When you break something at home, it may be sheer carelessness. But when the person who doing the breaking is Moses, and what he breaks is the tablets of the Ten Commandments, he surely knows what he is doing.
The sidra tells the story. The people have forgotten God and are dancing round a golden calf; Moses sees the sight when he descends from Sinai and he shatters the tablets of the Decalogue which God Himself had engraved (Ex. 32:19). Surely Moses knows the law of bal tash’chit - “you shall not destroy” (based on Deut. 20:19)! This is not a cup or saucer he was breaking, but the tablets of the covenant!
Some say his action was involuntary. So shocked was he at the sight of the golden calf that he lost his physical strength and the tablets dropped from his hands. It seems more likely, however, that his action was deliberate. Rashi thinks that Moses said, “The people have become apostates, and how can they have any share in the Torah?” Abravanel suggests that he broke the tablets to shock the people and bring them to their senses.
Avot D’Rabbi Natan, on the other hand, believe Moses was trying to lessen the severity of their sin; it was like tearing up a contract so that whatever one party does will be less evidently a breach. The Midrash says that he was throwing his lot in with them; by shattering the tablets he was in effect saying to God, “They have sinned; I too have sinned forgive both of us or neither!”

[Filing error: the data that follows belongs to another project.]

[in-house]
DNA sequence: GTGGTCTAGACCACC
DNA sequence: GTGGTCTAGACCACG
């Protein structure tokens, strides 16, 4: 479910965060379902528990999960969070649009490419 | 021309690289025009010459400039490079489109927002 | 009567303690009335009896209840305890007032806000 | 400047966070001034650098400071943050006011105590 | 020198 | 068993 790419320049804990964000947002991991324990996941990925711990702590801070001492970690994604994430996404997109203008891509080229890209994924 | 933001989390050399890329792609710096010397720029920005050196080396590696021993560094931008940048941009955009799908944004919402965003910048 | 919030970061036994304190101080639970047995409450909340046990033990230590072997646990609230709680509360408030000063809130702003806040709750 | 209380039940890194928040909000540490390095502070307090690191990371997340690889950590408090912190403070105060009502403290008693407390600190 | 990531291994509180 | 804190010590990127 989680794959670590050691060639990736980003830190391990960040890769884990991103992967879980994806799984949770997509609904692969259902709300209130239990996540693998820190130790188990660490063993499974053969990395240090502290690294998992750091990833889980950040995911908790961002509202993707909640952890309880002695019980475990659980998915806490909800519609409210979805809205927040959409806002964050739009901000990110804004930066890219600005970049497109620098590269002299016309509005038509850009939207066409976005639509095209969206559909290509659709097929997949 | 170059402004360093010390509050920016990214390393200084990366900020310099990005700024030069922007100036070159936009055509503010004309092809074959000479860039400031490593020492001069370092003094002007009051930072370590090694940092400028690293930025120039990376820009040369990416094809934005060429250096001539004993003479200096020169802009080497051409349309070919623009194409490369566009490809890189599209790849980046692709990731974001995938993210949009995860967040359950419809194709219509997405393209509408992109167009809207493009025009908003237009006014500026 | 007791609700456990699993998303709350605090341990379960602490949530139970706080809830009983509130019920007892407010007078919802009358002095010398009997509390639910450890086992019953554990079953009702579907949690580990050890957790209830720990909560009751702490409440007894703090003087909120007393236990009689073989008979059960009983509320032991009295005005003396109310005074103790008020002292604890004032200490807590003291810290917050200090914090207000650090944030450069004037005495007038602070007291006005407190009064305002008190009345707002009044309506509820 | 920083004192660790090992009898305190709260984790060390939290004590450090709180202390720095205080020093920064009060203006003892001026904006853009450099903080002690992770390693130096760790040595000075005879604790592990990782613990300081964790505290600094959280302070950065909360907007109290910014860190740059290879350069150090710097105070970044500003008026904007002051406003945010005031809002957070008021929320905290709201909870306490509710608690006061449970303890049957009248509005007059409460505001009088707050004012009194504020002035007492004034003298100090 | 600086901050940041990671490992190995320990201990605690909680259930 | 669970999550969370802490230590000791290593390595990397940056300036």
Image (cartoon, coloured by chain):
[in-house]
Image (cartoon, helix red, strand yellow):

Whatever his motive, God approved and congratulated him, saying, Yeyasher kochacha sheshibarta - “Well done that you broke them!” (Rashi on Deut. 34:12). Another great figure who took drastic action and gained Divine approval was Pinchas the priest, who saw immorality in the camp and risked losing his priestly status because he indignantly slew those responsible (Num. 25). Instead of stripping him of his rank God said, “I give him My covenant of peace” (Num. 25:12).
But these precedents are not to be taken as a blank cheque for violent demonstrations or taking the law into one’s own hands. Moses and Pinchas were exceptional individuals and no-one has the right to expect the Divine approval they received. The general Jewish ethic of protest requires respect for the law and the principles of democracy. There is a duty to cry out, but one must not play God. “A time to act for the Lord” (Psalms 119:126) must not become “a time to be the Lord”.